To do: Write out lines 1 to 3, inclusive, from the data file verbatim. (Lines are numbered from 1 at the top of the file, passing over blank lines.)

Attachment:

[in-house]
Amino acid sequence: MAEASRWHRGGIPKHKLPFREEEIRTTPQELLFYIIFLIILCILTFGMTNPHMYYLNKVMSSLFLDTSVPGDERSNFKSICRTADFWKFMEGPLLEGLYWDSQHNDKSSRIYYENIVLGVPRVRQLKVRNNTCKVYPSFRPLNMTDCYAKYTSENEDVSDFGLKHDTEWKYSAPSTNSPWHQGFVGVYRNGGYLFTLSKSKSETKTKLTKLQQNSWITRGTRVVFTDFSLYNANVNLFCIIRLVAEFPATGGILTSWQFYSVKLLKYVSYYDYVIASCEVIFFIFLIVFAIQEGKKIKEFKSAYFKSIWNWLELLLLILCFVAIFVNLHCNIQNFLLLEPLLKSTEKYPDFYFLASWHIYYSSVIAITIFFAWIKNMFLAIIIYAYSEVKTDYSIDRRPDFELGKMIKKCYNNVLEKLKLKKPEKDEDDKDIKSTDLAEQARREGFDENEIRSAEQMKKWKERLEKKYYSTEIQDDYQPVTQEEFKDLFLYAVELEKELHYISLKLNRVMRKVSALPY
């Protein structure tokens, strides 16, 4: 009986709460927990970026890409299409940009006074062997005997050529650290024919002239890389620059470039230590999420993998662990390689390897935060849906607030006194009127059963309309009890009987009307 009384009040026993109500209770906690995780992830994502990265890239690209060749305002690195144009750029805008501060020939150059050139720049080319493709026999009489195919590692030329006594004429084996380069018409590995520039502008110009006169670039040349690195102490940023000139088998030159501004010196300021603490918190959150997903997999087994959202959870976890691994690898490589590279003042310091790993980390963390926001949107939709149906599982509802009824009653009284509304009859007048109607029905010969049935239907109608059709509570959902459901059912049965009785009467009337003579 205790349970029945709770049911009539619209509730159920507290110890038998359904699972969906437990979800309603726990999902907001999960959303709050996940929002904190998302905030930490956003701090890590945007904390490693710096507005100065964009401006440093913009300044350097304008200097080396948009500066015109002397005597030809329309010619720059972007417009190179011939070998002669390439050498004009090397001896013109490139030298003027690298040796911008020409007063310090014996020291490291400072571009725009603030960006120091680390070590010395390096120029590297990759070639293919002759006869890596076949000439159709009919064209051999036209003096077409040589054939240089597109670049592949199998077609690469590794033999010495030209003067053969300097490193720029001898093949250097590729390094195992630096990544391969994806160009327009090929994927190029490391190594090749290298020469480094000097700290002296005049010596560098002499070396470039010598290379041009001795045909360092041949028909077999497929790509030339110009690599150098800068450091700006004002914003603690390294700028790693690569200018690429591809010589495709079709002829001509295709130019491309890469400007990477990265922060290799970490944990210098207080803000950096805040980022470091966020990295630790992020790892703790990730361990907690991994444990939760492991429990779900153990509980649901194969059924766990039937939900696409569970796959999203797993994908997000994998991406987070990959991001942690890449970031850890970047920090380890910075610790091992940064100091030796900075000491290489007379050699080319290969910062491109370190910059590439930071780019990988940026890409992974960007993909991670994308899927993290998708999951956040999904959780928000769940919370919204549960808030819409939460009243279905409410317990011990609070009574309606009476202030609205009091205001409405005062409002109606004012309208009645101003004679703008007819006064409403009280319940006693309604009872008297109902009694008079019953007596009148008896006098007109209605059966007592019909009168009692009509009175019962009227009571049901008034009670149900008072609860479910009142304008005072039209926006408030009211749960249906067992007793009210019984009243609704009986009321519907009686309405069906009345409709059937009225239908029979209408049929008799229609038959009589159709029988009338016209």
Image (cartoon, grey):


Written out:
[in-house]
Amino acid sequence: MAEASRWHRGGIPKHKLPFREEEIRTTPQELLFYIIFLIILCILTFGMTNPHMYYLNKVMSSLFLDTSVPGDERSNFKSICRTADFWKFMEGPLLEGLYWDSQHNDKSSRIYYENIVLGVPRVRQLKVRNNTCKVYPSFRPLNMTDCYAKYTSENEDVSDFGLKHDTEWKYSAPSTNSPWHQGFVGVYRNGGYLFTLSKSKSETKTKLTKLQQNSWITRGTRVVFTDFSLYNANVNLFCIIRLVAEFPATGGILTSWQFYSVKLLKYVSYYDYVIASCEVIFFIFLIVFAIQEGKKIKEFKSAYFKSIWNWLELLLLILCFVAIFVNLHCNIQNFLLLEPLLKSTEKYPDFYFLASWHIYYSSVIAITIFFAWIKNMFLAIIIYAYSEVKTDYSIDRRPDFELGKMIKKCYNNVLEKLKLKKPEKDEDDKDIKSTDLAEQARREGFDENEIRSAEQMKKWKERLEKKYYSTEIQDDYQPVTQEEFKDLFLYAVELEKELHYISLKLNRVMRKVSALPY
């Protein structure tokens, strides 16, 4: 009986709460927990970026890409299409940009006074062997005997050529650290024919002239890389620059470039230590999420993998662990390689390897935060849906607030006194009127059963309309009890009987009307 009384009040026993109500209770906690995780992830994502990265890239690209060749305002690195144009750029805008501060020939150059050139720049080319493709026999009489195919590692030329006594004429084996380069018409590995520039502008110009006169670039040349690195102490940023000139088998030159501004010196300021603490918190959150997903997999087994959202959870976890691994690898490589590279003042310091790993980390963390926001949107939709149906599982509802009824009653009284509304009859007048109607029905010969049935239907109608059709509570959902459901059912049965009785009467009337003579 205790349970029945709770049911009539619209509730159920507290110890038998359904699972969906437990979800309603726990999902907001999960959303709050996940929002904190998302905030930490956003701090890590945007904390490693710096507005100065964009401006440093913009300044350097304008200097080396948009500066015109002397005597030809329309010619720059972007417009190179011939070998002669390439050498004009090397001896013109490139030298003027690298040796911008020409007063310090014996020291490291400072571009725009603030960006120091680390070590010395390096120029590297990759070639293919002759006869890596076949000439159709009919064209051999036209003096077409040589054939240089597109670049592949199998077609690469590794033999010495030209003067053969300097490193720029001898093949250097590729390094195992630096990544391969994806160009327009090929994927190029490391190594090749290298020469480094000097700290002296005049010596560098002499070396470039010598290379041009001795045909360092041949028909077999497929790509030339110009690599150098800068450091700006004002914003603690390294700028790693690569200018690429591809010589495709079709002829001509295709130019491309890469400007990477990265922060290799970490944990210098207080803000950096805040980022470091966020990295630790992020790892703790990730361990907690991994444990939760492991429990779900153990509980649901194969059924766990039937939900696409569970796959999203797993994908997000994998991406987070990959991001942690890449970031850890970047920090380890910075610790091992940064100091030796900075000491290489007379050699080319290969910062491109370190910059590439930071780019990988940026890409992974960007993909991670994308899927993290998708999951956040999904959780928000769940919370919204549960808030819409939460009243279905409410317990011990609070009574309606009476202030609205009091205001409405005062409002109606004012309208009645101003004679703008007819006064409403009280319940006693309604009872008297109902009694008079019953007596009148008896006098007109209605059966007592019909009168009692009509009175019962009227009571049901008034009670149900008072609860479910009142304008005072039209926006408030009211749960249906067992007793009210019984009243609704009986009321519907009686309405069906009345409709059937009225239908029979209408049929008799229609038959009589159709029988009338016209």